Ornamental grasses are becoming much more popular nowadays and despite their lack of colour in flower, some make an excellent foil to other plants, whilst others with attractive foliage, are worth growing for this alone. Those varieties mentioned below are only a few of those available from specialist catalogues.
A. Candida is a simpler name than Helicto-trichon which is said to be correct. It is a blue-grey evergreen hummocky grass, with narrow foliage up to 18 inches or so. Above this in early summer there are hazy plumes of , but these are best cut off when faded.
C. argentea is the well known, majestic ‘Pampas Grass’, which is best in isolation or against a background of evergreen. It is not safe to plant this until new spring growth begins in April. Even so, division of old plants is risky and losses may occur.
F. ovina glauca will transplant at almost any time and keeps its colour throughout the year. Flowers are of little value, and are best cut off as they fade. At only 6-8 inches high this is a neat grass for edging, or to plant en masse on a bank or anywhere as ground cover. F. ‘Eskia’ is similar in habit but of a rich deep green colour.
H. macro-alba aurea variegata, this unwieldy name stands for one of the most charming dwarf variegated grasses. It is newly introduced from Japan but is quite hardy and has but a modest spread, preferring a good light soil, not too dry. Height is 9-10 inches and die back between November and March, when now growth begins.
L. splendens, has handsome 3-4 feet plumes of creamy buff in June-July on wiry . The plant is fairly compact, green leaved, is easy to divide in spring and it is not fussy as to soil.
All the Miscanthus are. reliable and though all have attractive foliage, M. ‘Silver Fern’ is the only one that flowers freely. In late summer and autumn the plumes rise to 6 feet or so, and make a real focal point in the garden. The , as with the type, M. japonicus, have a whitish midriff, but in M. japonicus zebrinus they are striped or banded horizontally, with alternating yellow and green. ML japonicus variegatus is the finest tall variegated green 1 know, with the fine upstanding habit of the genus, and brightly variegated from April to November. M. japonicus gracillimus is narrow leaved, and as graceful as the name implies. M. sac-chariflorus is a giant, running up to 8 feet with broad, drooping leaves which afford not only a wind-break, but rustling shade as well. All Miscanthus have a slow, but steady spread. They can be left alone for years, but are best planted in spring.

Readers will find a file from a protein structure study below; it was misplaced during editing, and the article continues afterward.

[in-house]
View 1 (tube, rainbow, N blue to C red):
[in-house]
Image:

M. caerulea variegata is cnarming in both and flower. It is not evergreen, but foliage is colourful from April to November, whilst during later summer, the flower sprays provide a hazy overtone to the foliage. Spring planting is best and good soil, not dry, is preferred. M. altissima grows reedily to 4 or 5 feet, pretty all summer but in autumn biscuit yellow and very effective.